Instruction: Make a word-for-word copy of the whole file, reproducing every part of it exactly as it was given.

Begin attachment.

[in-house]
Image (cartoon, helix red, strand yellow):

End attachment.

[in-house]
Image (cartoon, helix red, strand yellow):